Sunday, March 23, 2008

Drive on Frankfurt

There were a few attempts over the years to imitate Strategy & Tactics and its wargame-in-every-issue format. One of those was Counterattack magazine, which had as its premier issue game Drive on Frankfurt, an interesting entry in the NATO v. Warsaw Pact World War III genre by Jon Southard, perhaps best known for his solitaire games Carrier and Tokyo Express.

The game is an operational level depiction of a potential Soviet attack through the Fulda gap toward the major West German city of Frankfurt-am-Main. Units are battalions and regiments, but operate as parts of brigades (NATO) or Divisions (Soviet) in an interactive turn sequence. Basically, players alternate activating formations, moving and fighting.

There are special rules for helicopters, electronic warfare and air strikes. There are rules for different artillery missions and different attack postures (hasty, deliberate and assault).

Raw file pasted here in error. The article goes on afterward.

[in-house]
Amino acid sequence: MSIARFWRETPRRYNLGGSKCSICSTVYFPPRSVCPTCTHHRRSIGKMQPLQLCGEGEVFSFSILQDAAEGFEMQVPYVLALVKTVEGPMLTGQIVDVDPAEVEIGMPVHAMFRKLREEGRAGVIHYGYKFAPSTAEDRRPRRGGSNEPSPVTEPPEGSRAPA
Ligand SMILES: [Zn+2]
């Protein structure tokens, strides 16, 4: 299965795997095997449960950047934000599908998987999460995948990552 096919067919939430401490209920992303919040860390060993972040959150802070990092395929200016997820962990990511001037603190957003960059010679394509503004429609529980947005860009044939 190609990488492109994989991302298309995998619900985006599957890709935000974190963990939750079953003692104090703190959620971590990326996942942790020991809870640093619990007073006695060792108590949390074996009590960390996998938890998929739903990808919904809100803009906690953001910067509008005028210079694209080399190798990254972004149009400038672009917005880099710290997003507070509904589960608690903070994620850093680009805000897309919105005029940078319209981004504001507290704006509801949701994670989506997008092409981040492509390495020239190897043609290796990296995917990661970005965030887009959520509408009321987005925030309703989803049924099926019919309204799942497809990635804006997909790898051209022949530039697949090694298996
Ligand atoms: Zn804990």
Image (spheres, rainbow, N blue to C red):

Perhaps the most interesting design twist is the game's handling of step reduction and losses. Units that take step losses have a chit drawn with new combat values. As an optional rule even some units that don't take a loss can get a new chit. Unlike most games where untried units may be of unknown strength, in this game it's units that have seen combat that may now be of unknown strength.

The most unfortunate aspect of the game is the graphic presentation of the map. Why the plain terrain is grey and cities are yellow is a mystery. It's not attractive and is no improvement functionally so there's no apparent reason for the off-beat color scheme.

Overall the game is a good presentation of that great 20th Century what-if, suppose the Cold War had ended with a bang instead of a whimper. The problem for contemporary gamers is how many of those might still be worth playing, otherwise the game is primarily just a historical artifact. Drive of Frankfurt falls into the artifact category. It's really only of interest as one theory about how such a war might have been fought, but it's otherwise not all that interesting a game. It's therefore of interest mostly to collectors.

For me there's a small additional interest because I was once stationed in Aschaffenburg, which is on the map, during the time frame of the game. My unit doesn't appear in this game, though, it's in Tac Air instead.

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